Cleaning and Maintaining Your Dental Implants

Dentist Tools

Dental implants can last just as long as natural teeth, if not longer. We work with all our patients to make sure that the unique designs that make up your dental implants come with the insights you need to make sure they last as long as possible. Most patients report a minimum lifespan of at least 25 years, but with proper care they can last a lifetime. However, like with your natural teeth, dental implants can suffer serious failures if they aren’t cared for as well as your natural teeth.

There are many things that can lead to dental implant failure. Some factors, including diabetes or other pre-existing medical conditions such as cancer, can give patients a higher chance of dental implants failing. Osseointegration can occur, which is a failure of the bone to heal in the short-term, whereas peri-implantitis, or an infection of the gums and bone, can occur in the long-term. Without proper care, the screws that hold implants in place can break and the abutments that connect implants can loosen. Although your implant hardware won’t decay, the gums and natural tissues around them can.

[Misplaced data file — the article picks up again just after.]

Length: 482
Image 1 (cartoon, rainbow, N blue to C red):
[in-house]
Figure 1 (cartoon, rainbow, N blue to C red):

Fortunately, the kinds of care and treatment that can prevent these issues are also the things we all need to do in order to maintain our natural teeth. Brushing twice a day is always the goal, but those with implants should also switch to a soft-bristle toothbrush, and a toothpaste with a low abrasiveness level. Interdental brushes also help with cleaning below and around the implants.

Visiting the dentist for regular cleanings is even more important. The dentist’s expert eye can spot minute issues that could eventually lead to fractures, or decay that might indicate periodontal (gum) disease. Dentists also use professional oral irrigators to clean where brushes and floss can’t. These oral irrigators, also known as dental water jets or water toothpicks, are also available for consumers to purchase and use at home.

One of the most important signs to keep an eye out for is swelling in or around then gums. Gum disease can be treated to stop the infections, but it can be a long process. The best approach is always to keep the gums around these implants as healthy as possible. Natural teeth or connected through periodontal ligaments, which contain antibody-rich blood vessels that can help fight infection. When those ligaments are are replaced by dental implants, the area can be more susceptible to infection and/or gum disease.

You can read more about dental implants, what they are, and how they’re installed, on our Implants Q&A Page. If your dental implants need a check-up, or if you feel like your smile could benefit from dental implants, call us today or make an appointment online anytime.

Author
Belmont Dentistry

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